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The John Wick VR game sadly feels nothing like the movies

I've just gotten through the first two levels of John Wick Chronicles (opens in new tab), an HTC Vive VR game based on the movie series (opens in new tab) in which Keanu Reeves gets mad and shoots every man with impeccable style. I also shot every man, except I was sat on my carpet aiming at body-armored pixel blobs from across a parking garage, doing none of the cool stuff John Wick gets up to.

Chronicles isn't awful, but it captures none of the style or brutality of the films. You're stuck behind some cover shooting baddies who approach from one direction, then another direction, and then from up on the roof, and so on. The gif below gives you the gist. (Note that you're only seeing one eye's worth of John Wicking, if the perspective looks off.)


As predictable as they are, arcade-style shooters are still a cool use of VR to me. John Wick Chronicles is a passable one, but there are other VR shooting games that do the same thing better, such as Space Pirate Trainer and Raw Data. And after a couple levels, I'm less interested in playing John Wick Chronicles than I am imagining what a more creative John Wick VR game would look like.

Wick's blasé gun kata (opens in new tab) doesn't happen from across the room. He gives out bullets like he's scanning barcodes, coolly switching between close-quarters targets without hesitation. There's lots of that in the club scene from the first movie:

The grappling may not be reproducible, but there's a great rhythm violence game in there. I know it's doable, because Superhot on the Oculus Rift is already a more John Wickish VR game than the official John Wick VR game. 

In Superhot, you shatter ruby enemy avatars by shooting them, punching their heads off, or throwing anything you find at them. I killed one by punching it in the crotch, as well—a proud moment.

The catch, as you may know from all the coverage the flatspace version of Superhot (opens in new tab) , is that time only moves when you move. You'd think being able to stop time would make for a less-intense shootout, but that's not the case. Looking down the barrel of a gun is terrifying even when time is stopped. And dodging that gun's bullet, grabbing it, firing back and then chucking it at someone's head is an extraordinary feeling.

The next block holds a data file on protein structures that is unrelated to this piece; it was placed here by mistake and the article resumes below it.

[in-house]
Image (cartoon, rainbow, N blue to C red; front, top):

Which is more John Wick: struggling to hit a guy who's hiding behind a pillar 30 feet away, or flinging an ashtray at a dude's head, catching his gun out of the air, and then shooting another guy in fist?

There will be more VR shooting galleries, and some will probably be good, but virtual reality doesn't need all that many Time Crisis games. (Actually, I'd definitely play a VR Time Crisis game (opens in new tab), but that's not the point.) Uncreative arcade shooters, even if they're passable, feel extra bland in VR. The medium is new and exciting and calls for new and exciting things.

I wish Superhot VR were officially available for the HTC Vive—it sucks that there are VR exclusives—so I could recommend it to everyone with a headset. But if you want to play the role of John Wick in VR, that's the way to do it, not with this $20 ad for the movies that feels nothing like the movies.

Tyler Wilde
Tyler Wilde

Tyler grew up in Silicon Valley alongside Apple and Microsoft, playing games like Zork and Arkanoid on the early personal computers his parents brought home. He was later captivated by Myst, SimCity, Civilization, Command & Conquer, Bushido Blade (yeah, he had Bleem!), and all the shooters they call "boomer shooters" now. In 2006, Tyler wrote his first professional review of a videogame: Super Dragon Ball Z for the PS2. He thought it was OK. In 2011, he joined PC Gamer, and today he's focused on the site's news coverage. After work, he practices boxing and adds to his 1,200 hours in Rocket League.